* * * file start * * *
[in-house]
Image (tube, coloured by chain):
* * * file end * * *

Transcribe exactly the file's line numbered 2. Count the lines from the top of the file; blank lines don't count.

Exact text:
Image (tube, coloured by chain):